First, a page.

green 3I personally own two bikes, do not have a car, and find Madison to be perfectly accessible. With over 200 miles of well labeled trails there are very few places you cannot reach by bike, and the getting there part is often just as beautiful as it is convenient. Madison has a large number of parks, lakes, and foliage that simply makes any trail or bike path uniquely lovely. One day you can be looping around Lake Monona and the next day you can ride through the shaded tree lined path of the Arboretum. Interconnected trails often mean that if you have the stamina you could even do both without ever leaving a designated bike path or trail.

The community in Madison is dedicated to continue to make there green city a continuing theme.  The City of Madison is constantly adding to and creating new trails and correcting and improving problems with existing infrastructure. The city is also working on finding ways in order to further bicycle safety and education for the community members. Many advocacy programs in the city, including the Schwinn initiative, Helmets on Heads dedicates time, helmets, bicycles, and other resources to further this cause and improve the biking experience for all local cyclist.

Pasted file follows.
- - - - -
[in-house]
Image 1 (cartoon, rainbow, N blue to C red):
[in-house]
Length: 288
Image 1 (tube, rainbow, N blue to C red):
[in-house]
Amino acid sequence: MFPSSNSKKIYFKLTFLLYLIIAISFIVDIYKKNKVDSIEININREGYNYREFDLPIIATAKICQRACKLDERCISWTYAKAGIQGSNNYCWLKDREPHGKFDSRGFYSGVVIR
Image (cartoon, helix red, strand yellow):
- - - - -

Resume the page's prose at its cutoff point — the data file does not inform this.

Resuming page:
One thing is for sure, in Madison, WI, many people will be celebrating this Earth Day in true Sconnie fashion, with a bike ride.

For a list of scenic bicycle and hiking trail in the Madison Area; check out: http://www.visitmadison.com/things-to-do/sports/biking-hiking/

Get out and Ride,

Samantha

Biking for a Cause: FDNY Ride for the Trident House

1546378_573018652783829_1853533443_nIt has been almost thirteen years since the attack of 9/11 yet the memories of those who were lost are still vivid in our minds and hearts. It is hard to find someone who doesn’t know where they were or what they were doing when the news first broke and it’s even harder to try and find someone who wasn’t affected in some way, directly or indirectly, that Tuesday or in the days and years to follow.